Levels of expression or expression pattern of certain glycosylated adiponectin isoforms may be used in a statistical analysis to determine a range of levels or a correlate of expression patterns for a given adiponectin-associated disease state as herein described. Statistically significant correlations can then be used to determine a level or pattern of glycosylated adiponectin isoforms that would correlate to favorable (or unfavorable) prognosis. The level of expression or expression pattern of glycosylated adiponectin isoforms from a biological sample (e.g., a patient sample) can then be determined and compared to the reference levels and expression patterns to predict a clinical outcome.

In a preferred embodiment, for example, any one or more of the adiponectin isoforms utilized in the monitoring method is a human adiponectin. In another preferred embodiment, for example, the individual is a human.

B. Methods of Treatment and Preparation of Medicaments

The invention also provides a treatment, for example, of a disease state associated with adiponectin regulation in an individual. The disease state can include but is not limited to hyperglycemia, insulin resistance, metabolic syndromes associated with insulin resistance, Type 2 diabetes mellitus, metabolic syndromes including, for example, hypertension, artherosclerosis, coronary heart disease, ischemic heart disease, polycystic ovary syndrome, or other states associated with adiponectin or obesity.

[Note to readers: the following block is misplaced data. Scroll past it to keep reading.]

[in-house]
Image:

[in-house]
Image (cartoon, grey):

A treatment plan generally includes the administration of an effective amount of a composition of glycosylated adiponectin to the individual being treated. An effective amount can be determined by assessing biological activity, for example, for insulin sensitization as disclosed in the Examples. A skilled artisan may determine the amount of a glycosylated composition by stepwise increments of dosage and assessing biological function at each step.

The composition of a glycosylated adiponectin or an adiponectin agonist may be administered in a pharmaceutically accepted excipient. Pharmaceutically acceptable excipients are known in the art, and are relatively inert substances that facilitate administration of a pharmacologically effective substance. In some embodiments, the adiponectin or adiponectin agonist compositions of the invention are formulated for administration by injection (e.g., intraperitoneally, intravenously, subcutaneously, intramuscularly, etc.).

Accordingly, a composition of glycosylated adiponectin or adiponectin agonist can be combined,for example, with pharmaceutically acceptable vehicles such as saline, Ringer's solution, dextrose solution, and the like. The particular dosage regimen, i.e., dose, timing and repetition, will depend on the particular individual and that individual's medical history. The treatment may include multiple administrations over a period of time. The treatment can be assessed for biological function using routine clinical measurements including but not limited to glucose level, glucose fasting test, and in vitro insulin sensitization test.